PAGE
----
8. #98
    Metal-Glueing Idiot
    Join Date
    Jan 2014
    Location
    Bolton
    Posts
    96
    Not a great deal to report, since my last post, unfortunately. Work has been causing me a lot of stress, which significantly reduces my desire to be anywhere near the damn place to work on it... ("You can't be stressed, you only work five days a week!")

    And it's not helped that we've moved to a different unit on the estate while the old one is being demolished, with the easy route (300 ft or so) blocked off by demolition-company fencing, turning it into about a third of a mile walk between toolbox and truck. (Which isn't so bad, except for when you're on your twentieth trip after forgetting something...)

    However, I've also spent the last two weeks on holiday in Canada, which has done wonders for stress reduction. ^_^ It's not exactly done wonders for my wallet, though, but I have enough bits to be getting on with while the balance recovers somewhat.

    Between my last post:

    • I took the driver's door off and started repairs of where the mirror arm was torn off.

      Still some tweaking to do to take a dip out where the spreader plate I added on the inside (so that the load where that mirror mounts to the door-skin, is spread across a bit more area.) has pulled the sheet metal in somewhat; and a little at the top of the patch-piece where the return has gotten a little misshapen. Nothing some quality time with a hammer and some implements of leverage can't fix, so long as I can find somewhere to lever from.

      I also need to de-rust/treat, and paint, the inside of the door; It's getting closer to where it should be, though.



      MIG'd by the tack-tack-tack method. There were a few blow-throughs.



      Done with stick. A few holes where I was using 1.6mm rods that are mostly flux and spite; turned out to be easier to use 2.5mm rods on the same power setting... probably because they were putting more metal down so could actually build it up a bit more.






      Not the prettiest, especially where trying to build up gaps, but it's solid now. Once again putting the age-old phrase to work: A grinder and paint, makes me the welder I ain't.


      Et wollah. Painted with primer just to stop it corroding before I can get the inside sorted, and all the bracing rebuilt. Don't want to use filler just yet, in case I need to use a bit of prying and 'fitting' to make it line up again, which would probably just cause it to crack off.

    • The Bedford got towed to a different yard, which brings it a bit closer to the workshop. Downside -- because of course there's one -- being that the yard is smaller, so it'll be buried behind more stuff.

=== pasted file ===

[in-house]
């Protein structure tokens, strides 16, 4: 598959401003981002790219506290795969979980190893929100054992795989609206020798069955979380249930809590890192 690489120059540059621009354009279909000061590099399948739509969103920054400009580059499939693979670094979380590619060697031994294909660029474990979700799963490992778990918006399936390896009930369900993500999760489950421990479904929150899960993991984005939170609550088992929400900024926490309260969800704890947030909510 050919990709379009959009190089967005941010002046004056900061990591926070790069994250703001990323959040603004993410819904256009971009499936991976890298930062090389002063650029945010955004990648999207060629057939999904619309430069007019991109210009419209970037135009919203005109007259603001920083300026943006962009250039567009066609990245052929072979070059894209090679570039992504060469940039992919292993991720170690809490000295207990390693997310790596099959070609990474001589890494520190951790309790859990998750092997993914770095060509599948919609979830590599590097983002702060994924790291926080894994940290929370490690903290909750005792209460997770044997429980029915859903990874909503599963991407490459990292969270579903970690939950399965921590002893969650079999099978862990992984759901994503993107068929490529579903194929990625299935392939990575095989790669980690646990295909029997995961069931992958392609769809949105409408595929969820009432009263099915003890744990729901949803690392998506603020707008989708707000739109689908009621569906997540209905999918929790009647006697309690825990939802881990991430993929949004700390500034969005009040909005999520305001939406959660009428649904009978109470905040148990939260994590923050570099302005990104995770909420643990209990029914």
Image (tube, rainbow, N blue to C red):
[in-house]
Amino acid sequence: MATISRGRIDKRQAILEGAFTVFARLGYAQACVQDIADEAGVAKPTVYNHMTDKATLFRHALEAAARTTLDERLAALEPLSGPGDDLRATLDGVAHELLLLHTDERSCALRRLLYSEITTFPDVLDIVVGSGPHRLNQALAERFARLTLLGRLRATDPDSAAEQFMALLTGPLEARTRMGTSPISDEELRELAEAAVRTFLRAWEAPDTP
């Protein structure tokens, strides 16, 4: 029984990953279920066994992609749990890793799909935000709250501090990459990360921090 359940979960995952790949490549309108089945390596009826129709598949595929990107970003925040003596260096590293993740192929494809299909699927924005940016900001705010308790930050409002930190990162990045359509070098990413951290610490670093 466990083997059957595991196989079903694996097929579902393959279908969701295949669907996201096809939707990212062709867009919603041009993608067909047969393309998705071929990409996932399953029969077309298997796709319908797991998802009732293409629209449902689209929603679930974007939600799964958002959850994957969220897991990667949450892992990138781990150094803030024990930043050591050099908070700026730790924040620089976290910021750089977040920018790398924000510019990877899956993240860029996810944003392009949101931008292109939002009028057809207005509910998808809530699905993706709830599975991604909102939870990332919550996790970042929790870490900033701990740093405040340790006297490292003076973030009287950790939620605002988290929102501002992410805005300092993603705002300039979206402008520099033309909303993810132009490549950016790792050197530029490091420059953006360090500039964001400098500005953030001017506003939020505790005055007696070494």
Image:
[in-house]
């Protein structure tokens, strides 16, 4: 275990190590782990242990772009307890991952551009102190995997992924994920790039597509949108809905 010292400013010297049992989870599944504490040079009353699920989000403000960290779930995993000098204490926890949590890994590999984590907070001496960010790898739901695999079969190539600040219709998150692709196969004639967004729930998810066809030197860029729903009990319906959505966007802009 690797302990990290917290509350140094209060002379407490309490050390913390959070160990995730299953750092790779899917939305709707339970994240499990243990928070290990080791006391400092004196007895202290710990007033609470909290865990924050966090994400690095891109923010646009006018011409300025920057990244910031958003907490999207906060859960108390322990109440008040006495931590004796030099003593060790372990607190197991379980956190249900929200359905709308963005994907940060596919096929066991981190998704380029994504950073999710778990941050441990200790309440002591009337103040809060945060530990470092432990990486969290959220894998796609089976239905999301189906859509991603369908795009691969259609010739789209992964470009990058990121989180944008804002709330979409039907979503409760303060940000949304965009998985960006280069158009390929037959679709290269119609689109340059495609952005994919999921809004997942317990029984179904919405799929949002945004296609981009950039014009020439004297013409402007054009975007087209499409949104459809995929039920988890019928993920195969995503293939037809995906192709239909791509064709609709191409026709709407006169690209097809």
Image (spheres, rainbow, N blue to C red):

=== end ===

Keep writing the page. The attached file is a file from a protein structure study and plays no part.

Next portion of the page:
Got quite a bit of attention, rolling slowly around the front of the industrial estate with hazards flashing, which was nice. My brother, normally stuck on 2-wheels, was properly chuffed with himself after parking the truck in the given space considering the biggest thing he'd driven previously (only for a short duration... and off the public highway, of course, yer 'onour) was a VW Beetle.

    • I got some wire-brushing and painting (well, primer, but it counts) done around the vicinity of the rear towing hitch. I was planning on continuing that when I got back, but the snow made me reconsider. 9_9

      I also uncovered a grease nipple while wire-wheeling the towing hitch, which was nice. Furthermore, I have discovered that someone who previously owned the truck does not appear to believe in the holding power of bolts...


      Yup, welded round! There's also a few nuts that have been welded, and a few spots where the Harvey Frost gear has been welded to the chassis.



      A couple of hours of wire-brushing and painting later, and it started to look a lot better. Surprising how long these things seem to take when the wind is determined to blow through you, rather than around you. Oh, and when someone keeps cutting your extension lead powering the battery charger for the cordless tools... (I swear, if someone made a TV documentary about my workplace, nobody would believe it wasn't all made up for the cameras. )

      Another fun discovery was that the hitch appears to have perhaps gotten rather worn out at one point, and repaired


      Something tells me this truck may not have lived an easy life.

    • I've gotten a 25ft length of cupro-nickel brake pipe in, and some 1/2-20 brake pipe nuts, so I can start on making up brake pipes. My flaring tool seems just about capable of handling the pipe, though I had to do some modification to it, and it's a bit finicky about alignment.

      (I got it lent to me from a co-worker who then later disappeared. He'd never used it either; which is no surprise, because it wasn't possible to actually put the damn thing together!

      The big pointy flaring bit was screwed in backwards -- point upwards -- and there was no way to screw it into the horseshoe clamp bit the right way round; because the pointy end was too wide to fit through the bottom of the clamp, and the thread was too long to allow me to feed it in on an angle... Cue grinder, and welder. Daft.)

  9. #99
    Old enough to know better
    Join Date
    Jul 2013
    Location
    Norfolk
    Posts
    2,207
    Great to see this thread up and running again.....

  10. #100
    Metal-Glueing Idiot
    Join Date
    Jan 2014
    Location
    Bolton
    Posts
    96
    Not so much running as limping; but it's still progress!